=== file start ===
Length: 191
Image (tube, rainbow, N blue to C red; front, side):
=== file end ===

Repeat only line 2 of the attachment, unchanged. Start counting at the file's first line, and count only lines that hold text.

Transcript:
Image (tube, rainbow, N blue to C red; front, side):